of the Indo-European family. It descended from the Vulgar Latin
Vulgar Latin
of the Roman Empire, as did all Romance languages. French has evolved from Gallo-Romance, the spoken Latin
Latin
in Gaul, and more specifically in Northern Gaul. Its closest relatives are the other langues d'oïl—languages historically spoken in northern France
France
and in southern Belgium, which French (Francien) has largely supplanted. French was also influenced by native Celtic languages
Celtic languages
of Northern Roman Gaul
Gaul
like Gallia Belgica
Gallia Belgica
and by the (Germanic) Frankish language of the post-Roman Frankish invaders
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Bilabial Consonant
In phonetics, a bilabial consonant is a consonant articulated with both lips.Contents1 Transcription 2 See also 3 References3.1 Notes 3.2 General referencesTranscription[edit] The bilabial consonants identified by the International Phonetic Alphabet (IPA) are:IPA Description ExampleLanguage Orthography IPA Meaningbilabial nasal English man [mæn]voiceless bilabial stop English spin [spɪn]voiced bilabial stop English bed [bɛd]voiceless bilabial fricative Japanese 富士山 (fujisan) [ɸuʑisaɴ] Mount Fujivoiced bilabial fricative Ewe ɛʋɛ [ɛ̀βɛ̀] Ewebilabial approximant Spanish lobo [loβ̞o] wolfbilabial trill Nias simbi [siʙi] lower jawbilabial ejective Adyghe пӀэ [pʼa] meatʘ̬ ʘ̃ ʘ̥̃ʰ ʘ̃ˀ bilabial click release (many distinct consonants) Nǁng ʘoe [ʘoe] meatOwere Igbo has a six-way contrast among bilabial stops: [p pʰ ɓ̥ b b̤ ɓ]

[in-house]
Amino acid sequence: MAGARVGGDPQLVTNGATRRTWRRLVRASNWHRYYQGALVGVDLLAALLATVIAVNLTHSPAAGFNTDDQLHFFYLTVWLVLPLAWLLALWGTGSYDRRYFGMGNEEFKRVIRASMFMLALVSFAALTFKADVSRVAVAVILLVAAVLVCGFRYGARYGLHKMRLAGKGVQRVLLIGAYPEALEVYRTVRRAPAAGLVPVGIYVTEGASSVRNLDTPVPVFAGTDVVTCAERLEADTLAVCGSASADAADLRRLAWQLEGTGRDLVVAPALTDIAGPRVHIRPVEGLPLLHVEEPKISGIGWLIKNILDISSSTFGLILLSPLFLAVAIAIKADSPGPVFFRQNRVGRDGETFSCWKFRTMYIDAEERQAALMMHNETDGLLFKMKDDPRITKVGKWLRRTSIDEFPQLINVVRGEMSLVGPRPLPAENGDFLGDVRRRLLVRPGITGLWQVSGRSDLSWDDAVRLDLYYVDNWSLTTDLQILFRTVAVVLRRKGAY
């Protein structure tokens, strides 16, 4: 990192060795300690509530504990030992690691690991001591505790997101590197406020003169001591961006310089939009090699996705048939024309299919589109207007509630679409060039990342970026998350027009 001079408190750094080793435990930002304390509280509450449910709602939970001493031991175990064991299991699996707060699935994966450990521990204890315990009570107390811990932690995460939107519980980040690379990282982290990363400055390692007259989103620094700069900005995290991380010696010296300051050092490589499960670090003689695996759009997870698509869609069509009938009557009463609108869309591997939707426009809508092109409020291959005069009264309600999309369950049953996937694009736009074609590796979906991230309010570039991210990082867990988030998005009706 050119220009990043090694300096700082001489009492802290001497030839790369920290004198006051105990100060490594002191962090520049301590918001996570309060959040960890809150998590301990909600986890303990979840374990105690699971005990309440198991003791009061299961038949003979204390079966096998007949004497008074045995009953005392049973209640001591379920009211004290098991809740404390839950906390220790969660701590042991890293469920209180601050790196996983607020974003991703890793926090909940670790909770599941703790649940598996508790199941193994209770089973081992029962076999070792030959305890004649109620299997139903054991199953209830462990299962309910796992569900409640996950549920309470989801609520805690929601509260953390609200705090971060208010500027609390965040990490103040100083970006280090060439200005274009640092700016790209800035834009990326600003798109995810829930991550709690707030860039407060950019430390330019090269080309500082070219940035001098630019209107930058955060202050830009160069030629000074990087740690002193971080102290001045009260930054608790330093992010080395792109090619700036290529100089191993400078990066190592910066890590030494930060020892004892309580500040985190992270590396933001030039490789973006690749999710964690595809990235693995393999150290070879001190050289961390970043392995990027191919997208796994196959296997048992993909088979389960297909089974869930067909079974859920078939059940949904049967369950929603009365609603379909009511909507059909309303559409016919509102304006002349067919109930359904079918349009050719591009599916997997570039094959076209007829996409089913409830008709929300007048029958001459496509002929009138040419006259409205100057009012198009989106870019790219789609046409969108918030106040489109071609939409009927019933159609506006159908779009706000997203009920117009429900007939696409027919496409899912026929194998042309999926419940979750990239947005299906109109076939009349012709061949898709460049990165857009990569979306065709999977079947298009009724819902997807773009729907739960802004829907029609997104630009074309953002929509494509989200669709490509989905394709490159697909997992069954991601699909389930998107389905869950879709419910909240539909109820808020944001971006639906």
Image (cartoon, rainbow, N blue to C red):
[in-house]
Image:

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Alveolar Consonant
Alveolar consonants (/ælˈviːələr, ˌælviˈoʊlər/) are articulated with the tongue against or close to the superior alveolar ridge, which is called that because it contains the alveoli (the sockets) of the superior teeth. Alveolar consonants may be articulated with the tip of the tongue (the apical consonants), as in English, or with the flat of the tongue just above the tip (the "blade" of the tongue; called laminal consonants), as in French and Spanish. The laminal alveolar articulation is often mistakenly called dental, because the tip of the tongue can be seen near to or touching the teeth. However, it is the rearmost point of contact that defines the place of articulation; this is where the oral cavity ends, and it is the resonant space of the oral cavity that gives consonants and vowels their characteristics. The International Phonetic Alphabet
International Phonetic Alphabet
(IPA) does not have separate symbols for the alveolar consonants
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Postalveolar Consonant